Jonathan Marek
Guest
7 years 2 months ago

It’s a fantastic idea to test this, and here’s the real beauty: all of the pros and cons that other panelists have stated are completely measurable. Inventory impact, labor impact, sales impact, halo to other categories, cannibalization of goods that would have been in the space, customer satisfaction, etc., all completely knowable with the right predictive analytics approach. Further, the retailer can figure out which types of locations work better for specific sub-lease operations, which can also help to tailor the overall store to local preferences.

James Tenser
Guest
7 years 2 months ago
Of course there is plenty of precedent for locating leased departments within department stores. Think of the shoe departments in the old Kmart/Kresge or the record shops inside EJ Korvette. (Well I guess these examples reveal my true age….) In general, it makes good sense to allow category experts to operate leased boutiques, if: (1) The lessee can deliver a superior customer experience compared with the host’s own capabilities for the category; (2) The productivity per square foot is better than the host’s; and (3) The leased departments mostly add to total sales, rather than siphon spending away from other areas of the store. In an era of omni-channel retailing, virtual assortments and the endless aisle, Macy’s and other large department stores may be finding that their existing physical spaces are somewhat larger than they want. Some are adjusting their staging by moving walls and leaving more back room space. This leaves elbow room for invited boutique operators—like day spas, eyewear, and shoe sellers—to set up outposts. Most have a few traits in common. They… Read more »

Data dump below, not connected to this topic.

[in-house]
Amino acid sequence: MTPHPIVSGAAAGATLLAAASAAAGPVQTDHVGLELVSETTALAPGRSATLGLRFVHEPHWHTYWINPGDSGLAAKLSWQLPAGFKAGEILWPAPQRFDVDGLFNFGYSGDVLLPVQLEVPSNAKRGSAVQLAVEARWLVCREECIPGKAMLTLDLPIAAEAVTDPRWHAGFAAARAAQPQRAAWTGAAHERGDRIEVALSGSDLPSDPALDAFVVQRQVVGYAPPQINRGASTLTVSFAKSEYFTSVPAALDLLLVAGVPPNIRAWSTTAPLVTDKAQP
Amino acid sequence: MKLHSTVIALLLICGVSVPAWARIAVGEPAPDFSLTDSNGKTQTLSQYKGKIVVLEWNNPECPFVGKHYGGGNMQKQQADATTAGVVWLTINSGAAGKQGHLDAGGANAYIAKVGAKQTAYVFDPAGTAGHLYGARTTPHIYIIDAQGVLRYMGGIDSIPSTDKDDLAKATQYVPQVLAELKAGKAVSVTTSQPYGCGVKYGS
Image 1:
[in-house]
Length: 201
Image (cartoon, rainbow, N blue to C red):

Gene Detroyer
Guest
7 years 2 months ago

This is the only way department stores can better their business model. This is a good idea for Macy’s as it was for JCP. OOPS!

Jason Goldberg
Guest
7 years 2 months ago
I’m not a huge fan. Shop-In-Shop’s have their place, and as others have pointed out, assorting by brand is the standard practice for many European department stores. The problem is that assorting by brand is NOT the standard shopping convention for many product segments in the US. So when you walk into Macy’s and expect to find athletic shoes in the “Men’s Shoes Department” and instead have to to learn to look for the “Finish Line” department, it hurts affordability. Also, when a retailer gives large chunks of their in-store experience up to third party vendors, you lose the ability to have a clear communication hierarchy, consistent merchandising standards, consistent shopping experience, etc. When you have too many vendor shops, your store stops feeling like Macy’s and feels more like a brand bazaar, and when that happens, Macy’s loses the ability to differentiate based on the Macy’s brand promise. See Best Buy for a current example of this syndrome. As I said, shop-in-shops can be a great way to surprise and delight customers with an… Read more »
Lee Kent
Guest
7 years 2 months ago

This is not a new concept to department stores. In my early days with Rich’s of Federated Department Stores, jewelry and makeup were leased spaces. When we introduced a food market, it too was leased. Makes perfect sense for categories that require a bit more expertise.